excisional hemorrhoidectomy for grade 3 rectal bleeding.
hemorrhoids had less symptom recurrence Compared with excisional hemorrhoid-
and reduced need for subsequent procedures ectomy, stapled hemorrhoidopexy is more
compared with those who underwent rubber favorable in terms of postoperative pain,
band ligation. For patients with grade 2 hem- time until return to work, and complica-
orrhoids, there was no difference in symp- tions of pruritus and fecal urgency. How-
tom recurrence between the procedures. The ever, it is associated with higher long-term
authors concluded that rubber band ligation risk of recurrent hemorrhoids and the need
can be considered the treatment of choice for for additional procedures (Table 3).25 A
grade 2 hemorrhoids, reserving excisional meta-analysis of RCTs comparing long-term
hemorrhoidectomy for grade 3 hemorrhoids results (12 to 84 months) of both procedures
or recurrence after rubber band ligation. found that patients were twice as likely to
There was no difference between the proce- require further treatment after stapled hem-
dures in patient satisfaction or in the inci- orrhoidopexy.26 Short- and long-term data
dence of postoperative complications, such show similar patient satisfaction between the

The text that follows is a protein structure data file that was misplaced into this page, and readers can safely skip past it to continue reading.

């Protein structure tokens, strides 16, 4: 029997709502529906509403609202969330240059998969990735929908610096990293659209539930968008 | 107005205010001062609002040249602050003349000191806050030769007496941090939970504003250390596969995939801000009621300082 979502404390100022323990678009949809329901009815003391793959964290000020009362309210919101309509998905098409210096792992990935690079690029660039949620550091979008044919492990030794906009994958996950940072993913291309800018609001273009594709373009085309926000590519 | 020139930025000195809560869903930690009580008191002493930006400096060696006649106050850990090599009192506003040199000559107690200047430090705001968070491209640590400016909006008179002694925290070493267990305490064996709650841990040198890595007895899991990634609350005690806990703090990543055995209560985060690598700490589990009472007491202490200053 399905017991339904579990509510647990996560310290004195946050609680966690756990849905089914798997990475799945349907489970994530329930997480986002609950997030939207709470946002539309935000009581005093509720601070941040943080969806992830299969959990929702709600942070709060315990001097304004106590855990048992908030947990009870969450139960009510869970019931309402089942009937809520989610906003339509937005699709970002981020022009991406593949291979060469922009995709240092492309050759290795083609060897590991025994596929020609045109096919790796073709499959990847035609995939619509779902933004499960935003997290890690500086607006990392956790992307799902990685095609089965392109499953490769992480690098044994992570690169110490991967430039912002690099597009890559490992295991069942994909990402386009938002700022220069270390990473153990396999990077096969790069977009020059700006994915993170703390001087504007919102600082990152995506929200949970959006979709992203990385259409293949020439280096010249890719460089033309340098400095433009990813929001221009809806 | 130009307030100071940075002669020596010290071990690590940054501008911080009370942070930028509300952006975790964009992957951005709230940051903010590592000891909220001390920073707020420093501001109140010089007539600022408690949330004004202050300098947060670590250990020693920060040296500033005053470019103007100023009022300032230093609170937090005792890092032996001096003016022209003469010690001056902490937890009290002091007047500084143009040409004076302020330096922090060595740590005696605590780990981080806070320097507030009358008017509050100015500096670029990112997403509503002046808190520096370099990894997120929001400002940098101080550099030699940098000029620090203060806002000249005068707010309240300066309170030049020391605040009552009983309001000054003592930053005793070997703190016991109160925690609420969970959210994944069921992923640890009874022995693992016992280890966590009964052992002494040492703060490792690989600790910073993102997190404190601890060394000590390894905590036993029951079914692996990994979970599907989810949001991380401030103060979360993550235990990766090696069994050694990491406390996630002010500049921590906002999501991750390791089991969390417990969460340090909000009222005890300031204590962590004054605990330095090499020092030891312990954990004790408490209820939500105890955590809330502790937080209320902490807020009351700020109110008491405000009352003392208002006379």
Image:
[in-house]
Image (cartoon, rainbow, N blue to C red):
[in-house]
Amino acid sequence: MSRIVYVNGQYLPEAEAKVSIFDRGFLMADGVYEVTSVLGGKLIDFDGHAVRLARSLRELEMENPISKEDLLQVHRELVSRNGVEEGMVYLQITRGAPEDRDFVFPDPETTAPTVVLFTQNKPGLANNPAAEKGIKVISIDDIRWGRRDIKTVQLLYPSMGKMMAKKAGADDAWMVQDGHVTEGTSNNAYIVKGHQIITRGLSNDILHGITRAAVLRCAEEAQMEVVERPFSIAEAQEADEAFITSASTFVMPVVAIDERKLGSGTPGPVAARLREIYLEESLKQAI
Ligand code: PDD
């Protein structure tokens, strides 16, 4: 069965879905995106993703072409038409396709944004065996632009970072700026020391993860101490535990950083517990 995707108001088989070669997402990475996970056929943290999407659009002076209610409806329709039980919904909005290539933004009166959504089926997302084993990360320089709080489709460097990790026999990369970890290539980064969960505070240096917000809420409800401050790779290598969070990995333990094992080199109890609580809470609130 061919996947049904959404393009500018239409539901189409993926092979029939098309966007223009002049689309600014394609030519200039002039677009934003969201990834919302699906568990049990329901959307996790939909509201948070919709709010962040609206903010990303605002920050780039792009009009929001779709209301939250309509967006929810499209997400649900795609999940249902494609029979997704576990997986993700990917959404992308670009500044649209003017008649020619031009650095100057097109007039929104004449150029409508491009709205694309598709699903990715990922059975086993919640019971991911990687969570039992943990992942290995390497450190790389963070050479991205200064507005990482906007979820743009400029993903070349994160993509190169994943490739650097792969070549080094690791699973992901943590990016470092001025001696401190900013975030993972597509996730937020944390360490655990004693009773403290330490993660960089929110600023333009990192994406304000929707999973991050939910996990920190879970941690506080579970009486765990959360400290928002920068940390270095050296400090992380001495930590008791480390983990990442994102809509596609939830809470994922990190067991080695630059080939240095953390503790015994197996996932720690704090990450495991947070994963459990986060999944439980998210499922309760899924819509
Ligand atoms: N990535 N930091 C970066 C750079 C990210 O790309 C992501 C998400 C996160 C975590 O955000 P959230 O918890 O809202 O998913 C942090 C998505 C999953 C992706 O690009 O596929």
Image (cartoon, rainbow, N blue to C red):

as urinary retention, anal stenosis, or hemor- procedures, suggesting that the early postop-
rhage. Other postoperative complications of erative benets of stapled hemorrhoidopexy
excisional hemorrhoidectomy include skin may override the increased risk of additional
tags, abscess, stula, and anal leakage.20 surgery.26,27

208 American Family Physician www.aafp.org/afp Volume 84, Number 2 July 15, 2011
Hemorrhoids
Table 4. Surgical Treatment by Hemorrhoid Type

Hemorrhoid type/grade Ofce-based procedures Hospital-based procedures

External (not graded) In patients with severe symptoms, excision or


incision under local anesthesia within 72 hours
of onset; after 72 hours use medical treatment
Combined external Excisional hemorrhoidectomy
and internal
Internal grade 1 Rubber band ligation, infrared coagulation Rubber band ligation; excisional hemorrhoidectomy
if primary treatment is ineffective
Internal grade 2 Rubber band ligation, infrared coagulation Rubber band ligation; stapled hemorrhoidopexy;